Henry Ford was a proponent of hiring the handicapped - In 1919, more than 20% of his workforce had some form of disability, a higher percentage than most workplaces in America today

Russia’s Sergei Avdeyev has traveled further than any other human in history, completing nearly 12,000 orbits of the Earth as a cosmonaut

Earth’s largest national park is the North-East Greenland Park in Greenland, covering more than 375,000 square miles (more than twice the size of California)

Wonder Woman was created by Psychologist William Moulton Marsten (May 9, 1893 – May 2, 1947), who is also credited as the inventor of the systolic blood-pressure test, a component of the modern polygraph machine - he was known as a feminist theorist, inventor, and comic book writer and based the "super hero" Wonder Woman on the two most influential women in his life- his wife, Elizabeth Holloway Marsten, and Olive Byrne, who was a lover to the couple in a polyamorous relationship

So-called white chocolate isn’t chocolate in the technical sense — it is comprised of cocoa butter, sugar and milk, but no actual chocolate

Grant Wood, famous for his painting American Gothic, won a Crayola crayon coloring contest as a child, which helped perpetuate his interest in art - he painted American Gothic in 1930 with a cottage built in the Gothic Revival style with a distinctive upper window as inspiration.  The couple that appears in the foreground, he claimed, were "people I fancied would live in that house"

In 1959, the USSR launched a craft called the Mechta towards the Moon. It missed, and instead became (inadvertently) the first human-made satellite to go into orbit around the Sun

Only one U.S. coin — the zinc-coated steel penny produced during World War II — can be picked up by a magnet

Orang means “man” in Malay and hutan means forest so orangutan means “man of the forest”

The phrase “goody two shoes” comes from a fable written in 1766 by Oliver Goldsmith, about a poor little girl who could only afford one shoe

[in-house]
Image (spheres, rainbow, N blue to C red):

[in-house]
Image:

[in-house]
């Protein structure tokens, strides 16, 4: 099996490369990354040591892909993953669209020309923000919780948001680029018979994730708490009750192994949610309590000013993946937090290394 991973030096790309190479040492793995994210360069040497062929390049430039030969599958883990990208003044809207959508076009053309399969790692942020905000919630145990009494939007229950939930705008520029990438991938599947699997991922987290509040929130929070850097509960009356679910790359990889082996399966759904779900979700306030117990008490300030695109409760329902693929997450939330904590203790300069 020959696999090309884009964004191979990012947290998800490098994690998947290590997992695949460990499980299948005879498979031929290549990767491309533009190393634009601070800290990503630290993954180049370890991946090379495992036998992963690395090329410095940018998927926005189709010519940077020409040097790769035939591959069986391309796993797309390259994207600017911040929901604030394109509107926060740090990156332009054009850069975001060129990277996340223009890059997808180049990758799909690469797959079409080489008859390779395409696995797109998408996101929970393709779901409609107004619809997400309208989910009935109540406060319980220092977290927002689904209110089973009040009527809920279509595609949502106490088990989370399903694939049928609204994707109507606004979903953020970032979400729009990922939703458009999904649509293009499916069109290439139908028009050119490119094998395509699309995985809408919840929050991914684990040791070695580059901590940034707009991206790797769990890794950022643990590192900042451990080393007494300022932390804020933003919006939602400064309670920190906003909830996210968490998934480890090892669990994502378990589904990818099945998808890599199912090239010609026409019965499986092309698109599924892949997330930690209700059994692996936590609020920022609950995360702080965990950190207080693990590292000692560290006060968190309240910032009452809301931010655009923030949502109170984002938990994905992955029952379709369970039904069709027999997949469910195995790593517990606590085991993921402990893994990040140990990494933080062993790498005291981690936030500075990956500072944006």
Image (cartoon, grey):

Koalas aren’t bears, but marsupials - no bears are native to Australia

The third most-used language in the United States is American Sign Language

In the United States, 1 in 5 relationships begins through an online dating service or social networking sites such as facebook or MySpace

The split-fingered Vulcan salute from Star Trek is derived from an Orthodox Jewish ritual called the Blessing Hands, used to anoint congregations on holy days. Leonard Nimoy, whose grandfather was Orthodox, remembered the hand gesture from his childhood visits to the synagogue with his grandfather and borrowed it for his role as Mr. Spock  (Pictured below is actor Leonard Nimoy, in character as Spock, giving the famous split-fingered salute that was usually followed by the words "Live long and prosper"

There is one strand of corn silk for each kernel on an ear of corn

Only sparkling white wine that comes from the Champagne region of France, in the northeastern part of the country, can be called champagne. And that’s not a suggestion; in Europe, it’s the law. In fact, France’s ownership of the word was actually reaffirmed in 1919’s Treaty of Versailles. But here’s the loophole: Because the United States never ratified the Treaty of Versailles, it became perfectly legal to call American sparkling wine “champagne”

The first ferris wheel was built by a man named George Ferris in 1893 for the Chicago Worlds Fair or the Columbian Exposition. It was intended to upstage the Eiffel Tower which was the main attraction from the 1889 Paris Exhibition. The Ferris Wheel was 264 feet and carried 2,160 people in 36 cars  (Pictured below is the original Ferris Wheel- look closely to notice the width of the enclosed seats, which were meant to hold several people at once unlike most wheels today that are designed to hold just two or three riders in each car)